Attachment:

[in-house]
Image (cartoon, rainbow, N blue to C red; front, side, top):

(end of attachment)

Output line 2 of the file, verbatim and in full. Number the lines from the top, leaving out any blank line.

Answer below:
Image (cartoon, rainbow, N blue to C red; front, side, top):